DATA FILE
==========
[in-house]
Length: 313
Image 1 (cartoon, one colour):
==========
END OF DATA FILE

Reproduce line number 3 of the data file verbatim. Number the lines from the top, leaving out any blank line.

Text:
Image 1 (cartoon, one colour):